>> i'll keep an eye for it then. still ahead here on cnn, the value of family. right now, a landmark meeting is taking place in the vatican. that's where we're live next. plus amazon takes a dive into the original tv series market. transparent is being called the best new tv show of the fall. >> dad is a woman.
church. our delia gallagher is live with some of the topics they will talk about. >> reporter: we have some 200 priests, bishops and cardinals from around the world who have come to rome. they have celebrated the mass of the synod. it was expressly called by pope francis to discuss challenges to the family. they are topics which were part of a survey, worldwide survey, sent out last year by the vatican to ask catholics what were the difficulties that they were living in a kind of real-world way. and some of the answers that came back are the topics for this meeting, such as teen mothers, cohabitation, living together without being married, polyga polygamy. the question of divorced
catholics, and those people can't receive communion, same-sex unions and baptizing children of same-sex unions. there are a number of issues on the table. they begin their discussions tomorrow morning. the pope will be present. there are also 12 couples who will be there to give their experience and talk about that experience of family life to the cardinals and the bishops. and then during the two weeks they have each participant has four minutes to discuss the topic, and they open it up for general debate. and at the end of the two weeks, they make a recommendation for next year's synod which is the one that will make any decisive changes or recommendations to the pope about changes that should be made in the way the catholic church teaches some of these important teachings that they have on these issues. now we don't want to raise expectations too high. the vatican is saying this is also trying to focus on some of the positive messages they have
about the family, but there is a lot of expectation that pope francis wants to introduce some changes. wants to bring mercy, as he says, to some of the difficult problems facing people today. so we'll be looking out for that in the next two weeks, exactly what those recommendations are and any changes for october 2015. >> a lot of topics to be discussed. delia gallagher live in rome we thank you for your reporting there. amazon.com is hoping to have its "house of cards" moment. they released their own series called "transparent" last friday. they hope to capture some of the buzz that netflix has garnered. and so far it seems to be working. >> reporter: closely kept secrets typically make for titillating television. >> i have something to tell you. >> reporter: now the ground
breaking series is tackling a n topic people have rarely touched. >> dad is a woman. >> reporter: they are streaming to critical acclaim. >> i've never seen it before where so many critics would line up before a show that otherwise would never be heard of and they all say watch this show. >> reporter: the enormity of playing a transgender character weighed heavily on him. >> i was throw-up nervous. there's a scene where i have to come out to my daughter, and my hands were shaking. i said that's good for mara, not because i wanted a good review, or to be believable in the scene, but i wanted to do it right. >> reporter: the creator and director of the series whose own parent came out as transgender says even she is surprised at just how much people say they relate to the main character. >> i think my fear is that certain people wouldn't turn it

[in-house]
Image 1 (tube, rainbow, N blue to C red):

on because they would say this show doesn't relate to me. but i think what's so amazing about what jeffrey has done with his performance of mara has been to create somebody who feels really familiar. >> reporter: amazon sees "transpare "transpare "transparent" as its answer to "house of cards." >> to have the best new show of the fall airing not even on a cable channel but on a service where you can also buy underwear is a revolutionary moment, that's when you stop and think that great television can come from anywhere now. >> reporter: the hands off approach gave her liberty and streaming it online has changed the experience. >> the binge thing is something that netflix has a corner on now. it is so perfect for
"transparent." >> are you saying you're going to start dressing up like a lady always? >> honey, all my life, my whole life, i've been dressing up like a man. >> reporter: samuel burk, cnn, new york. finally, today, the u.s. coast guard had a unique rescue on its hands on saturday. ultra marathoner, rhesa balucci was attempting to run. he was attempting this run in a large, inflatable bubble. the coast guard had been monitoring him since wednesday after concerns about his supplies. he is recovering, and he's expected to be just fine. that's this hour of cnn. thank you so much for joining us. i'm george howell. for our viewers around the
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-- captions by vitac -- www.vitac.com oh, you've made it to sunday. i'm christi paul. >> and i'm victor blackwell. 6:00 on the east coast. >> we want to talk about a patient who has ebola. thomas eric duncan's condition seems to be getting worse. he's now listed in critical condition as the cdc monitors ten high-risk people who had close contact with him. >> we're confident none of those who had contact with him have symptom